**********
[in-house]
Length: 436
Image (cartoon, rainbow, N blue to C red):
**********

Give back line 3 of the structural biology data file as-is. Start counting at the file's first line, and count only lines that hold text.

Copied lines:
Image (cartoon, rainbow, N blue to C red):